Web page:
A friend of mine is getting into kayaking, and we're going up to Oak Orchard soon to pick up her first boat. She has been using my plastic Impex Mystic and has been doing very well in it. Since she's athletic, I tried to talk her into a sixteen foot boat, but she wanted a shorter length. So, she has decided on a Necky Looksha Sport (I gave her a list of good, shorter boats)because the length,weight, and price were what she was looking for.(Will be used on lakes and W.Pa. rocky rivers) She is getting the skegged model. My question is this: The skeg is not like the skegs I have on my boats - to me, it looks as if it would catch the wind or be in the way. Is it supposed to be deployed all the time? Is she going to hate this skeg? She will only be getting one boat and I don't want to give her bad advice. What do you think? (By the way - she's very serious about learning skills and will be going to the Great Lakes Sea Kayak Symposium this summer with her new boat!)
Are you talking a skeg or a rudder?
Why would a skeg catch the wind? —Rich
… isn’t your typical drop skeg. It sits on top like most rudders and is deployed the same way. It is not as big as your typical Necky rudder but is still quite large.
The Looksha Sport looks like a barge compared to the Mystic… May be too big for her if she fits into a Mystic.
Kind of defeats one of the main reasons for having a skeg, no? I’ve got to find a picture of this. It can’t be as bad as it sounds.—Rich
I fit into a Looksha no problem and I’m
5’9" and 215lbs. She’s going to want something that fits her better if she wants to develope skills.
How big is she?
The regular Looksha Sport -- not the LV -- is a BIG boat it terms of volume. It was designed as a surf/rock garden boat and so turns well but tracks poorly and is fairly slow. It's a highly rockered hull with a fairly flat bottom. This a perfect example of how selecting a boat by a few dimensions can get you in trouble.
A Sport with no skeg or rudder was my 5', 120-lb wife's first kayak, and it was not a good choice. At her weight the tracking and weathercocking were pretty bad -- we tried adding ballast but it didn't help much. You could see that it was riding high -- the ends were barely in the water. Took it to the GLSKS and had a tough time with the wind there. She exchanged it for one with a rudder and ended up using the rudder all the time. The cockpit was also much too large for a good fit. She replaced it with an Avocet and now a Tchaika, which she loves.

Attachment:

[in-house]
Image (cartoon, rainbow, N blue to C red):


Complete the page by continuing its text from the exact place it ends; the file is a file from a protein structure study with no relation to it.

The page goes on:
I paddled the Sport at 160 lbs and enjoyed the way I could make it spin, but it would never be my first choice for flatwater touring.
The manuverability might make it a good river touring boat, but she should give it a long test paddle in realistic conditions before buying. It's not a bad boat, but it has a specific mission that may not match hers.
I'd debate "efficiently", but otherwise Necky is pretty honest:
"The Looksha Sport was conceived as a sea kayaker’s play machine. At 14' 4" long, it has enough speed to efficiently cover a few miles, but still spins on a dime when put on edge. With a high degree of rocker and great secondary stability, the Sport excels in tight spaces. Its superb maneuverability and responsiveness allow the skilled paddler to easily weave in and out of rock gardens and confidently catch waves in the surf zone. The Looksha Sport’s polymer construction makes it almost indestructible and a great choice for heavy-duty missions around rocks and barnacles. "